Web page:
Overall this study confirms that women's status is inferior to men's in Malda district. Women face discrimination within families as well as in society, where society maintains double standards in the case of education, marriage, spousal relationships, domestic violence, laws of patriarchal society, property laws, dowry system, sexual morality, sexual harassment as well as discriminatory social stigma and also less recognition and respect for women's work.


The survey indicates that prevailing intra-household discrimination in educational matters for girls and women persists. Therefore, a strong message needs to be conveyed in support of education and economic empowerment as equally important for both the sexes. Education emerges as the single most important parameter empowering women. Education builds the way for economic empowerment and uplifts the status of women. Reducing the gender gap in secondary and higher education should be the focus area.

Marriage only at mature, legal age is also crucial. Women should get married only after receiving an education or after acquiring some skill, which can make her economically independent.

The survey suggests that there should be more importance placed on the economic empowerment of women. As women rise in economic status, they will gain greater social standing in the household and the society granting greater voice in important issues. Not only does economic empowerment fortify the position of women, it serves as a deterrent to dowries. The parental property should be distributed to sons and daughters on an equal footing so the responsibility of looking after parents falls to all offspring. As women's economic power grows, it will be easier for them to take care of their parents, to become a respectable member of their natal family, and to overcome the tradition of "son preference."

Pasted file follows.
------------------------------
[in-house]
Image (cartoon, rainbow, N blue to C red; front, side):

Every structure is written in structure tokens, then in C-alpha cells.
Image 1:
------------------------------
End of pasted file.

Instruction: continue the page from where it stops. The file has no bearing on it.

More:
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By Haimanti Mukhopadhyay (1)

(1) Haimanti Mukhopadhyay, M. Phil. is currently working as Principal, Anuradha English Medium School. Chikhli, Buldana, Maharashtra- 443201. India. E-mail I belong to an educated, middle class family, so unlike many of the women interviewed for this essay, my own education up to my graduation was not a problem for me. I received both support and opportunities for my education, which is common in middle class families in India. Also, being in the 'Brahmin' caste, (the teaching community since ancient Indian times) also assisted the cause of my education. I got married after my graduation and continued my post-graduate education with my determination and my husband's support.

(2) Sati is defined as 'the rite whereby the widow burns herself at the funeral pyre of the husband' (Sharma, 1988)

(3) Purdah, a word of Persian origin, used as veils or curtains, popularly used by Muslim women still in India. (Mathur 2004) Purdah defines the limits of freedom and outlines the margins, which confers anonymity and erase women's selfhood.

(4) Dowry is defined as 'demands from husband's family during marriage' (Menski 1998). The tern in contemporary India refers to the goods that the groom and his family receive from the bride's family at the time of the marriage, over which the bride retains no ownership.

(5) The caste systems, although outlawed in 1947 with Indian independence, remains a powerful, de facto, traditional, hereditary systems of social classification, based on endogamy, occupation, economic status, and ethnicity. A person is considered a member of the caste into which he/she is born and remains within until death. (Ghurye 2005).

(6) As narrated by educated and economically empowered participants of the survey.
Fig. 1 Various problems affecting the education of women
Source: Field Survey

Nature of Problem           PERCENTAGE

Economic                    13.2
Parental negligence          6.6
Marriage                     6.6
Comm                         3.0
Any other                   10.2
No                          60.5

Note: Table made from bar graph.

Fig. 2 Role of Education in refusal of system of dowry in women
Source: Field Survey

                           Percentage of respondents
                           Yes        No

Iliterate to Primary      100         0.0
Secondary                  88.2      11.8
Higher Secondary           46.2      53.8
Graduate                    4.5      95.5
Post-Graduate and above

Note: Table made from bar graph.